What fires up the doctors is the chance to exchange ideas on care with other clinicians. Compared with the suspicion and failure to collaborate that preceded the pilot, Tahir feels it is “like I’m going back to medical school—it is much more enjoyable and friendly.”

Gable gives a powerful example of how he has changed his own practice as a result of the relationships he has developed. Many diabetes patients suffer depression, yet Gable admitted he had not met a consultant psychiatrist in his present job until a year ago.

“Sitting down and discussing patients with people from mental health I have found phenomenally useful. It has changed the way I think about chronic disease. A long term condition such as diabetes has more similarities with some of the models in mental health than the acute medical model . . . a lot of what we do is behaviour change,” he says.

The pilot has meant “an entirely different way of working for GPs,” admits Tahir. “It means doing things in a much more structured and systematic way. I have patients in well before they get ill, hopefully, and agree a care plan based on our risk analysis tool. You have care planning at medical school, but it gets beaten out of you in the first two years of practice. Now it is coming back. To do that system process change is actually extraordinarily challenging.”

The headline success so far has been the 6.6% reduction in emergency admissions. Other benefits include GPs gaining a better understanding of diabetes treatment, increased coordination with social care, and fewer outpatient referrals.

Plans to extend the service include signing up more GPs, including some in singlehanded practices who feel they cannot afford the time. It will also be expanded to chronic obstructive pulmonary disease and coronary heart disease. NHS London hopes to establish around a dozen similar pilots in the coming months.

Key to success

Gable’s advice to clinicians considering setting up an integrated care scheme is to “just do it—clinicians have to get themselves together and get on with it.”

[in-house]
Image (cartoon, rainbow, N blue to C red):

Steeden agrees but stresses, “It is not an easy journey. It is tough and you are going to hit opposition from everyone.” Hamilton says, “You need a tough skinned team.”

But the success of the northwest London pilot exposes underlying weaknesses in the NHS. It should not require lawyers to draw up agreements to get clinicians to work together. Nor should it require what Hamilton describes as “smoke and mirrors” to fund it. The IT backbone to the pilot is a reminder that when billions of people can share information globally the NHS can still not routinely share information between hospital departments, let alone across the health and social care system. There is a risk that integrated care schemes will use IT systems which will be unable to integrate with each other.

But the biggest obstacles to integrated care are cultural—creating a health service where teamwork is the norm and silo working is unacceptable.

“You need communication skills,” Paice says. “It is not how well you communicate—communicating at all would be a nice start. So when you have someone on an emergency department trolley rambling and confused, to know that that person had been living on their own fit and well is hugely important. With the IT tool everyone is logged into the same information.”

She believes that integrated care, with its emphasis on planning, prevention, outcomes and sharing clinical data, encourages clinicians to look beyond individual patients to address population health.

“Some of your working week needs to be spent looking at the overall performance of your practice or unit, using metrics to drive improvement and benchmark performance. It is the hallmark of excellence in medicine.”


Cite this as: BMJ 2012;344:e3529


  • Competing interests: The author has completed the ICMJE unified disclosure form at (available on request from the corresponding author) and declares no support from any organisation for the submitted work; no financial relationships with any organisation that might have an interest in the submitted work in the previous three years; and no other relationships or activities that could appear to have influenced the submitted work.

  • Provenance and peer review: Commissioned; not externally peer reviewed.